House Judiciary Chairman Calls Out U.S. Judge in Texas on Venue

Access practice tools, as well as industry leading news, customizable alerts, dockets, and primary content, including a comprehensive collection of case law, dockets, and regulations. Leverage...

By Malathi Nayak

House Judiciary Chairman Robert W. Goodlatte July 13 blasted a Texas federal district judge’s recent ruling on venue in a patent infringement case as contrary to a U.S. Supreme Court ruling.

The high court’s May 22 ruling in TC Heartland LLC v. Kraft Foods Grp Brands LLC “was expected to lead to a sharp reduction in cases being filed in one particular district in Texas that seems skilled at attracting patent trolls,” Goodlatte (R-Va.) said at a Judiciary subcommittee hearing on the effect of poor-quality patents on U.S. businesses. Goodlatte said U.S. District Judge Rodney Gilstrap of the Eastern District of Texas “has already re-interpreted both the law and the unanimous Supreme Court decision to keep as many patent cases as possible in his district in defiance of the Supreme Court and congressional intent.”Gilstrap June 29 denied computer maker Cray Inc.’s motion to transfer a lawsuit filed against it in the Eastern District of Texas to another district, even though the company doesn’t have an office in the Gilstrap’s district.

House Judiciary Courts, Intellectual Property and the Internet Subcommittee Chairman Darrell Issa (R-Calif.) joined Goodlatte in criticizing Gilstrap’s ruling. The East Texas judge’s ruling “does not serve justice and is, in fact, an act that I find reprehensible,” Issa said.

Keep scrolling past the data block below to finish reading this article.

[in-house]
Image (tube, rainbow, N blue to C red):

The lawmakers’ response to Gilstrap’s ruling comes as they weigh the need to propose additional legislation, including patent-venue rules, in the wake of recent Supreme Court decisions on patent litigation.

A company can be sued in the district where it “resides,” or where it committed an infringing act and has a “regular and established place of business,” according to the patent-venue statute. The Supreme Court’s TC Heartland ruling restricted the first path by limiting “resides” to where the defendant is incorporated—not just where they make a sale.

Congress could define what constitutes a ‘regular and established place of business,’ Paul R. Michel, former chief judge of U.S. Court of Appeals for the Federal Circuit, who testified at the hearing, said when asked for recommendations on how to stem venue abuse.

“That would add great clarity and could adjust where cases go,” Michel said.

To contact the reporter on this story: Malathi Nayak in Washington at

To contact the editor responsible for this story: Mike Wilczek at

For More Information

Text available at:

Copyright © 2017 The Bureau of National Affairs, Inc. All Rights Reserved.

Request Intellectual Property on Bloomberg Law